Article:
“This is why there should be no doubt that this particular act of ‘artistic expression,’ as the authors would like to describe it, is something that should not take place.” 

Elżbieta Podleśna, a psychotherapist and activist, told the court on Jan. 13 that she regarded the display in St. Dominic’s Church as “homophobic” and believed it could encourage the stigmatization of “people of non-heteronormative sexual orientation and gender identity.”

She was arrested in May 2019 at her home in Warsaw and taken to Płock for questioning. A court later determined that her detention was unjustified and awarded her damages of around $2,000.

Amnesty International, the human rights organization founded by the British Catholic lawyer Peter Benenson, has urged Poland’s prosecutor general to drop the charges against the three women. 

Pawłowska said that Amnesty’s stance lacked merit in Polish law. 

“It mostly consists of political postulates, but not arguments that have grounds in existing legal provisions in Poland,” she said.

“The Polish constitution and international law defend the right to religious freedom and defend people from examples of such offenses like that. This is why the stance of Amnesty International not only has no grounds in the Polish legal system but also in international human rights provisions.”

The Catholic Church in Poland is not currently commenting on the court case, which comes as the Church appears to be losing ground in Polish society. 

More than 90% of Poles are baptized Catholics and the country has the highest weekly church attendance in Europe. But statisticians announced last month that Sunday Mass-going declined by 1.3% in 2019 — before the coronavirus pandemic struck the country.

In November, a survey found that only 9% of respondents aged 18 to 29 had a positive view of the Church, while 47% had a negative view and 44% were neutral.

Pawłowska said that the Ordo Iuris International Law Center had no formal connection to the Catholic Church in Poland.

“In fact, we are a non-governmental legal organization that consists not only of Catholics but also people of different beliefs,” she said.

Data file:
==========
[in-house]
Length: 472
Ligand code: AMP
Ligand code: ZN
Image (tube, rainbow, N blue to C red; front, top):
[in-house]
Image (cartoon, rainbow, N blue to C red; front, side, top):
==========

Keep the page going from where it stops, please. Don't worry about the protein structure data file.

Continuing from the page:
“We of course defend people’s rights to religious freedom and that their religious convictions be respected, but we are not referring to religious arguments. We are referring to legal arguments, which are all on our side because the Polish constitution and international legal human rights treaties are in favor of such rights.”

In October, protesters disrupted Sunday Masses after the country’s constitutional court ruled that a law permitting abortion for fetal abnormalities was unconstitutional. Amid nationwide demonstrations, protesters left graffiti on church property and vandalized statues of St. John Paul II, the Polish pope who led the Church from 1978 to 2005. 

Pawłowska pointed out that the “Rainbow Madonna” image was displayed during the protests.

“Right now in Poland, we can see that this image is quite popular, especially among, for example, protesters that were using it during protests against the judgment of the Polish constitutional tribunal which banned eugenic abortion,” she said.

“And I think this image is very, very offensive to many, many people. And this is why it should not be promoted.” 

She said that while the court in Płock could not ban the image, it could send a “very important message.”

“It can send the message that it is something that is offensive and ask the authors of the image to not propagate it anymore. For example, to take it off from their social media and so on,” she said. 

“Of course, in the modern age of the internet, it is hard to completely erase such an image from social media, from the internet, because I think it’s almost impossible. But it would be a very, very important message.” 

“And it would be a very important message for Catholics that could feel defended by our state from certain offensive, provocative images that are created by radicals.”

LEFT: The Black Madonna of Częstochowa. RIGHT: A Polish 120 mm battery during the Battle of Warsaw in 1920.